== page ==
PITTSBURGH — Residents in grief-stricken Pittsburgh are preparing for the first of many funerals Tuesday, as well as a visit from President Trump, who plans to meet with members of the Jewish community here despite the mayor’s request that he postpone the trip until after families bury those killed in Saturday’s synagogue shooting.
The man accused in the attack — the deadliest on Jews in American history, with 11 people killed — made his first court appearance Monday, two days after the massacre. Robert Bowers, a 46-year-old truck driver, was using a wheelchair because of injuries he incurred in a gun battle with police at Tree of Life synagogue in the Squirrel Hill neighborhood. He allegedly told authorities upon his arrest that he was seeking to kill Jews.
Magistrate Judge Robert C. Mitchell read the charges against him, including obstruction of exercise of religious belief resulting in death. Bowers, dressed in a blue sweatshirt and gray sweatpants, appeared coherent and alert. He said little, answering “yes” when the judge asked whether he had requested a public defender because he could not afford an attorney. He was being held without bail.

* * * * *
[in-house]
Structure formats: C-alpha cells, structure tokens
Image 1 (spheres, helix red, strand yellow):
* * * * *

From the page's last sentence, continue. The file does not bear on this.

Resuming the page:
It did not appear that Bowers had any friends or family members present at the courthouse. The federal public defender’s office did not respond to requests for comment about the case.
One person who did attend was Jon Pushinsky, 64, a member of one of the congregations that meets at Tree of Life. “It was important to be here to show our congregation remains strong and will stand up, even in the face of evil,” Pushinsky said.